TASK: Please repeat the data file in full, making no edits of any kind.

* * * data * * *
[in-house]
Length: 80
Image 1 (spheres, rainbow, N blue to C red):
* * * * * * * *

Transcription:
[in-house]
Length: 80
Image 1 (spheres, rainbow, N blue to C red):